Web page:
As an example (and forgive me because this doesn’t sound humble, but the point is I’m not meant to be sharing it with anyone else, but I want to share with you as an example), above my desk, behind my camera, is a framed copy of the envelope that was opened live on TV to announce that my brother and I had won Matt Damon & Ben Affleck’s $1million dollar Project Greenlight Australia. It was a big moment for us and a happy moment. And as a trigger, just a glance at it reminds me subconsciously that I am good at what I do and have value worth paying for. It’s a booster-shot to ward off the paralysing symptoms of imposter syndrome.

Can you please explain more about ‘state vs script’?

Eye contact is important, but it doesn’t have to be constant. Eighty percent max is about being comfortable and engaging. If you have notes that you need to refer to, the real trick is not trying to hide the fact you’re looking at them. Don’t side glance at them or put them near the camera. Don’t flick your eyes across to them without moving your head. Doing any of these is completely obvious to your audience but feels deceptive because you’re trying to hide what you’re actually doing. Better to “own” that you are looking at your notes. Take a moment, and look at them. Gather your thoughts, think about your words and then speak. Obama used to do it well. When you are overt in this movement you are not only displaying confidence through the honesty of not trying to conceal your work, but the pause can often add weight. Just don’t read from the page. Look at your notes, then come back to the camera to speak.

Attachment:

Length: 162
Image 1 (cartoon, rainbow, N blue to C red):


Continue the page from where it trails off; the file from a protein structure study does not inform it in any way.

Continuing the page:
There are more layers of nuance and other ways to perfect this kind of delivery but always come back to being true to your audience.

How do I manage where people’s eyes are drawn to on screen?

Once you’re on a little box on their screen, people have all the time in the world to analyse and judge everything in the frame. And they will. It’s about making sure that nothing in your frame distracts from your message. So it’s important to make sure you know what is in your background and “design” it the way you would if you were painting the picture they’re seeing. If you wouldn’t paint it into the scene, then remove it from your background.

And remember: less is more.

I teach people to create their backgrounds by thinking “a little bit of nothing and a little bit of you.”

So firstly, clear just about everything out. If there are books on shelves, straighten them. Tidy them. Remove half of them. If there are trinkets on your shelves, remove most of them. Leave one or two that have meaning to you. Think of it as clearing the frame of distractions for your audience and as Feng Shui for your “set”. Creating a background and “set” that builds your energy.